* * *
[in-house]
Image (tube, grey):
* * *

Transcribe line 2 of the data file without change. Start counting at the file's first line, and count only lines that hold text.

Image (tube, grey):